But when Alex Ovechkin and Mike Knuble screened Halak as Nicklas Backstrom scored late in the second period, Jaro failed to keep his composure by reacting negatively to the referee. Now this wasn’t a bad thing per se, as it can be good to have a goalie show a little fiery emotion, especially on a close call. But this was a major mental miscalculation by Halak for the simple reason that it opened the door for his ire with the referees to escalate and rise.
And it didn’t take long for that to happen. Alex Ovechkin tied the game 3-3 by using his stick to shove a puck that was underneath Halak’s pads into the net. That caused Halak, who still had the first issue of goalie interference in the back of his mind, to turn around and again react negatively to a questionable call by the referee. Fool me once, shame on you. Fool me twice, shame on me.
This was not only an uncharacteristic loss of composure for Halak, it was a big reason why Washington gained more confidence as the game continued. Halak was rattled, but he really brought it upon himself. When so much focus must be exerted on simply tracking the puck, allowing distractions like referees, bad bounces or penalties to seep into the subconscious and increase frustration will turn out to be monumental obstacles. And in Game 2 for Halak, it turned out to be the difference. After Ovechkin tied the game, Halak’s composure, focus and confidence crumbled.
A Witness to History
I walked into Pepsi Center for Game 3 of the Avalanche-Sharks series fully expecting a good goaltending matchup. Boy was I wrong. It wasn’t a good matchup, it was downright historic.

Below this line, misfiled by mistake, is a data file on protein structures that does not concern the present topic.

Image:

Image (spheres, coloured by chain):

Craig Anderson made 51 saves for the shutout, including 21 in both the second and third period alone, and Evgeni Nabokov stopped every scoring chance thrown his way in what was by far the most memorable hockey game and goaltending matchup I’ve witnessed live since the NHL Lockout ended.
So many things will be written about Anderson’s performance, including the lop-sided shot total of 51-16, the number of penalties he helped kill, the sheer quality and quantity of scoring chances against him and the fact that almost the entire third period was spent in his own zone.
Yes, all of those things are glorious morsels of information about one of the most dominant goaltending performances in Pepsi Center since Patrick Roy won the Stanley Cup in 2001. He was exhausted at times, he was lucky at times, but more often than not, he just simply executed to perfection. But few will talk about or explain the importance of his ability to stay composed throughout this game, mainly because it’s not something that can be quantified statistically.